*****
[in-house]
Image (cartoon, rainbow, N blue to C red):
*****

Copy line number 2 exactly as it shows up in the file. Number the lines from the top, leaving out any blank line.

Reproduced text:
Image (cartoon, rainbow, N blue to C red):